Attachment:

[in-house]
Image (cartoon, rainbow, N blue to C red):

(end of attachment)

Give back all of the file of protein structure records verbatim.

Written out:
[in-house]
Image (cartoon, rainbow, N blue to C red):